Comparatively, a Wayfinding Plan is best used when you are committed to the need for a comprehensive wayfinding system and you need to understand the type of process and investment required for implementation. If you’ve engaged in an Audit, a Plan will often follow as a next step. Wayfinding Plans can be developed in conjunction with Master Plans, which look at the bigger development picture and recognize that signage is a key step in realizing a place’s long term goals. Wayfinding Plans may also include a phasing schedule, should always include a budgetary component and will provide an outline of the implementation process that allows the community or campus to prepare to get the project completed.
Q: What is the actual wayfinding problem?
When you say “people can’t find us,” it is our job to understand WHY — in the context of YOUR place. If you aren’t constructing a brand new building or campus, we will almost always recommend an Audit so that we can put on our visitors’ lenses and experience your place and understand where the problem truly lies.
Q: How much will our wayfinding program cost?
We don’t know yet. The Wayfinding Plan will begin to paint the picture of what the signage needs are for your place and space. A plan begins to formulate the family of signs and where they will need to go to be effective. This will give you a list of sign types and their quantities to which we would then apply budget numbers to help you understand your total investment to get a sign program built and in the ground.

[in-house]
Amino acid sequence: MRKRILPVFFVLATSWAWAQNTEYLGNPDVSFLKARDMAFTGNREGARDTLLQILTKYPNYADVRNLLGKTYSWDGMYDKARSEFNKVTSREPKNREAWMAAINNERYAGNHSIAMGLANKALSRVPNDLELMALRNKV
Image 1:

It is important to note here that wayfinding costs have less to do with the size of your city or campus and more to do with the complexity. A grid is more intuitive to navigate than a winding road system with short sight lines. Destination quantity is also a factor, as it the ultimate signage design.
We do have historical data we share upon request. Please contact us if you’d like to see what past wayfinding programs at places comparable to yours have cost.
Q: How do you know what signs will be needed?
We are most concerned with understanding how and when people are likely to look for information and what kind of information we should provide them with at that time and location. Mapping travel paths and decision points help identify these various needs. Once we know what kind of information should be provided, there are a number of basic sign functions that we consider when developing a Wayfinding Plan: identification, directional, regulatory and feature or entry signs. There might be multiple versions of each of these sign type functions, but the premise for establishing a system of thought and navigation starts with understanding how people relate to their environment and seek navigational information.
Q: Who needs to be involved?